Thursday, February 26, 2009

Reaching Out Just Isn’t the Same

With email, websites, cell phones, crackberrys – whoops, I mean Blackberrys – you’d think getting in touch with someone would be simple.

Not always the case. Sometimes I’m referred to someone else, or they to me, so my fingers haven’t done the walking long enough to enter their information into my contact list.

This happened recently, where a colleague asked me to call someone at a competing company over something or other. I got the colleagues name and I knew the company’s web address, so I did the logical thing – I surfed over to the company’s website looking for a phone number.

The company, as many companies these days do, had a wealth of information on their website. Everything from a corporate history, a passionate set of guiding principles, even a cornucopia of the executive who’s who, complete with perfectly posed pictures of each higher-up.

But as hard as I looked, there wasn’t a single phone number on this website. No mailing address – a post-office box was found, but I didn’t want to mail a letter. Not even a single email address. Well, that’s not entirely true, if I encountered a problem with the website, I could email their webmaster.

They did have a method of communication – a pretty bland web-based form, which I could fill out, and submit to some unknown individual or group of individuals, to vet, decide whether my message was worthy of passing on, and maybe, just maybe I’d get a response.

Assuming I had all the time in the world to fill out such forms to begin with – that’s a pretty vain assumption on the part of some companies these days.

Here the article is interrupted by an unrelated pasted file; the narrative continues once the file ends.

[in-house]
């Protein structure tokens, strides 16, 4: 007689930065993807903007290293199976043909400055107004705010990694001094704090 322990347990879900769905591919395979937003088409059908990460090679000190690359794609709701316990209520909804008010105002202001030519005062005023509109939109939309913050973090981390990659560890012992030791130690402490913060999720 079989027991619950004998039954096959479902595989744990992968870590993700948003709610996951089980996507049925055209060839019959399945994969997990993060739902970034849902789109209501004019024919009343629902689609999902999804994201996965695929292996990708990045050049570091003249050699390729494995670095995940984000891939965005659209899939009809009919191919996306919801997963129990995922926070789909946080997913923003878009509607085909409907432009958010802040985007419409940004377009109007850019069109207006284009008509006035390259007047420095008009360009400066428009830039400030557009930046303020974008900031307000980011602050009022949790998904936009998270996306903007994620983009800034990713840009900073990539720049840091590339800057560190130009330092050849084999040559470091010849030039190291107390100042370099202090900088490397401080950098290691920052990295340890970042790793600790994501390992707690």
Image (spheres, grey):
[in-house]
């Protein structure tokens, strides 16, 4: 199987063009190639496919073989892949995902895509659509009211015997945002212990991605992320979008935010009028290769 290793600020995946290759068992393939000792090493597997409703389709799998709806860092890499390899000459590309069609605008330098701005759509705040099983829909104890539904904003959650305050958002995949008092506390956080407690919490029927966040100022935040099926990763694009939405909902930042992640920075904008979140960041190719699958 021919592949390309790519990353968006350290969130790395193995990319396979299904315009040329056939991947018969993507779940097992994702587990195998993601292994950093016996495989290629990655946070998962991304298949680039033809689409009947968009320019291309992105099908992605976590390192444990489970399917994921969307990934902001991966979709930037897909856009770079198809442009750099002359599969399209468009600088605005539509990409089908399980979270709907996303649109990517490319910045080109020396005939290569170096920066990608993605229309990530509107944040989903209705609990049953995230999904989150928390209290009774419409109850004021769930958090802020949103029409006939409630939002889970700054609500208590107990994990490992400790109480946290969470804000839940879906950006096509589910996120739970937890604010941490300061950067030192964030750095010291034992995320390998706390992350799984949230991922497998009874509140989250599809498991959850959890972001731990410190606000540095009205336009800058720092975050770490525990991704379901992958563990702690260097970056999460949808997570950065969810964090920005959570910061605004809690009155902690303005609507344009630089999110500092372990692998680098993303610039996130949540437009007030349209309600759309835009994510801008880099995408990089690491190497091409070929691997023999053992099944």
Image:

This isn’t the first time I’ve hit a communications brick wall of sorts, when trying to make contact in the business world.

I know we are all very busy people, but doesn’t it make sense to have some method of direct contact posted on a corporate website?

I can understand the concern with webots sweeping across the Internet, to capture email addresses and phone numbers for use in unsolicited marketing schemes. But there are ways to stop automatic webots from stealing these things, either by using third-party tools, or just from having the right HTML code.

Maybe these companies are overrun with requests for jobs by those seeking work? Or maybe these companies are up to no good.

That’s my line of thinking – nothing good comes from those who hide. They must be up to something and it just ain’t kosher.

Still, my original dilemma exists – how to contact this colleague – I just wanted to invite him to lunch to talk shop and share ideas. Nothing wrong with that, is there? Networking is key in the business world, but some companies that appear to be up to no good make that an almost impossibility.

Maybe I’ll just email the webmaster and tell him or her that their website is broken. No, I didn’t find a bad link, and it didn’t crash my web browser. But it didn’t do what a website should allow you to do – make contact.

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